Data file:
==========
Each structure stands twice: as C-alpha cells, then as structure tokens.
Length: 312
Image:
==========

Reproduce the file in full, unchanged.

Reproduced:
Each structure stands twice: as C-alpha cells, then as structure tokens.
Length: 312
Image: